The Bundesbank, as an institution, has always opposed European monetary unification, unless it meant the imposition of German economic philosophy on other countries. This monetary imperialism was summed up by a remark in the Times obituary yesterday of Richard Medley, the famed hedge fund consultant who, as George Soros’s political consultant, was at the centre of the ERM break-up.

Helmut Schlesinger, the Bundesbank president in 1992, was asked why he disliked the precursor of the euro, called the Ecu (European Currency Unit). He replied: “I have nothing against the Ecu apart from its name I think it should be called the deutschemark.”

In 1992 the Bundesbank encouraged Mr Soros and other speculators to sell sterling and the Italian lira to break up the ERM. But the Bundesbank also discreetly hinted that the French franc should be supported as France was a German ally. As Mr Soros said later in an interview, also quoted in the Medley obituary: “I felt safe betting with the Bundesbank. The Bundesbank clearly wanted the pound and lira devalued, but it was prepared to defend the French franc. I did better than some others by sticking to the Bundesbank’s side.”

Today the Bundesbank’s role in destabilising the European financial system is much more open than it was 19 years ago. Axel Weber, the former Bundesbank President, and Jürgen Stark, the former Vice-President who went on to join the ECB, both voted against ECB support for Greece in May 2010 and then publicly denounced these measures to the German media, in an almost unprecedented breach of central banking protocol.

Last summer, when the ECB decided to extend its half-hearted support to Spain and Italy, Mr Weber and Mr Stark both resigned in protest and launched openly political attacks on their own Government’s European policies. A few weeks later a story emerged in the Financial Times that the electronics giant Siemens had become nervous about the French banking system and had withdrawn its cash balances from Société Générale to deposit them, “for safety”, at the ECB. It is by no means impossible that this was leaked by the Bundesbank.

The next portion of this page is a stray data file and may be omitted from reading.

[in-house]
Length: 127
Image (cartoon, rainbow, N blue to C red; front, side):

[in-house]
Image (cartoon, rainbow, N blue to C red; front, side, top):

Today, the Bundesbank is at the forefront of a campaign to persuade the German public and the German Government that ECB bond purchases and quantitative easing are illegal under European law. In truth, EU treaties specifically allow the ECB to buy bonds, as long as it does not do so directly from governments. And EU law says nothing at all about quantitative easing. What the Bundesbank believes, however, is that European law should have made bond purchases and expansionary monetary policy illegal and as other European countries failed to write these laws into the EU’s treaties they will simply have to be imposed by Germany through financial force.

In short, the Bundesbank policy on the euro crisis is to present the other countries of Europe with a stark ultimatum: either they accept German economic directives, German monetary theories, German financial practices and even governments imposed by Germany as part of a draconian regime to deal with national insolvency. Or they must face financial chaos and expulsion from the eurozone, under a new exclusion procedure now demanded for nations that refuse to submit to German rules.